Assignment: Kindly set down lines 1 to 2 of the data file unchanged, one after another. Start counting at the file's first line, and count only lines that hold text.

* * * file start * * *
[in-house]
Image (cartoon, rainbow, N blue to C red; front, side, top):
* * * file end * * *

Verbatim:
[in-house]
Image (cartoon, rainbow, N blue to C red; front, side, top):